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With defined role, Stealth's Smith finds his groove

Left-handed forward has settled in, taken early lead in NLL scoring

  • The Stealth's Cliff Smith leads the NLL in scoring with 16 points.

    Genna Martin / The Herald

    The Stealth's Cliff Smith leads the NLL in scoring with 16 points.

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  • The Stealth's Cliff Smith leads the NLL in scoring with 16 points.

    Genna Martin / The Herald

    The Stealth's Cliff Smith leads the NLL in scoring with 16 points.

Three weeks into the 2013 season, the National Lacrosse League has an unlikely scoring leader.
Washington forward Cliff Smith.
The same Cliff Smith who's never scored more than 20 points in any of his previous three seasons in the NLL.
Smith, a 27-year-old left-hander, got off to a blistering start, collecting 15 points (seven goals, eight assists) in his first two games. Even though he's cooled down -- he managed just one assist in Sunday's loss to Edmonton -- he leads the NLL with 16 points.
The always humble Smith attributes his lofty standing to timing rather than a sudden emergence of superstar talent.
"Honestly, it just kind of happened that two of the best games I have ever had were back-to-back," he said.
While Smith down plays his early season success, Stealth head coach Chris Hall said the gaudy numbers are no surprise.
"And I'm adamant about that ...," Hall said. "I've always thought that since I watched him play in junior (lacrosse) that he had these capabilities. I've been totally confident of that since the beginning, and that's why we traded for him."
Washington acquired Smith from the Colorado Mammoth at the trade deadline in 2011. Smith spent his first 11/2 seasons in Colorado, but never seemed to find his niche. Once in Washington, his struggles continued -- in part because he changed postions.
"My first year (with Washington) I got traded at the deadline so I only played three regular-season games and then playoffs," he said. "In Colorado, I was a transition player and I came here and I was playing offense."
His 2012 season, which started slowly, was cut short by injury.
"I played the first couple of games, but I just wasn't playing well," Smith said. "And then it was the sixth game or seventh game that I break my scapula."
Having such a disappointing 2012 campaign actually helped Smith relax coming into 2013.
"I kind of realized after last year that I can't play any worse than this, so just forget it," he said. "I just went out and played."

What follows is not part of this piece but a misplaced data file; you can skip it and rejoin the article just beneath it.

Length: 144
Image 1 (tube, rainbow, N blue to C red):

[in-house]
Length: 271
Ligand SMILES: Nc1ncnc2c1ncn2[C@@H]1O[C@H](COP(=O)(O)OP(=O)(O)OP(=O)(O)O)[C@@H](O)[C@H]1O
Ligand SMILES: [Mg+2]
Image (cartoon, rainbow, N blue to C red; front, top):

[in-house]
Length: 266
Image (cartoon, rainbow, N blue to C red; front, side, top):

Hall and Smith agree that having a more defined role this season has helped Smith settle into the offense. Smith had been asked to do a little bit of everything in his time with the Stealth, including playing on the faceoff teams, defense, short-man, power play and transition. Hall put an end to that this season.
"We talked in the offseason and I informed Cliff that I wanted him to be a pure offensive guy this year," Hall said. "With the retirement of (forward) Cam Sedgwick, I said, 'I see this being a pure O-guy for us, at least being the No. 2 threat on the left-hand side, if not the top threat. That's where we have him slotted in on this team for the future."
Smith said it was nice to know what was expected of him.
"I thought about it a lot in the offseason because I wanted to gear all of the things that I was doing in the weight room and things like that toward what my role was going to be," Smith said. "So I reached out to Chris in the summer because I wanted to make sure that I was preparing myself properly and not putting myself in the same position that I was last year and we talked about it and he said, 'You are playing strictly O.' It helped a lot because from the minute he told me that I could go into everything knowing that that first day I'm playing strictly offense."
The Stealth went into the 2013 season with an already established "Big Three" on offense with Rhys Duch, Lewis Ratcliff and Athan Iannucci. Smith's performance in the first two games had some wondering if the "Big Three" had become the "Big Four."
"I think it is a reality and we have four huge threats and the nice thing about that is we've got two lefts and two rights," Hall said. "Smith and Ratcliff on one side, and Duch and Iannucci on the other side. Any one of which can explode to (get) six, seven, eight, nine points a night. That's a tough thing to defend."
Always humble, Smith doesn't consider himself a card-carrying member of the Big Four.
"Not at all," he said. "I could make a bigger case for Dean (Hill). We will push for Dean Hill to make the Big Four, how about that? If we want to make it the 'Big Six or Seven' then I will make a push to include myself."
The question for Smith, of course, is can he maintain his pace -- or anything close to it -- over a 16-game regular season? After all, this is a player who came into the season with just 44 career points.
Hall, for one, thinks he can.
"Does he have the capabilities to be that kind of guy? Yes," the coach said. "He is a very humble guy and he is very team-oriented and you know what? His philosophy is whatever is best for the team, he will do."
Aaron Lommers covers the Washington Stealth for The Herald. Follow him on twitter @aaronlommers and contact him at
Story tags » Stealth

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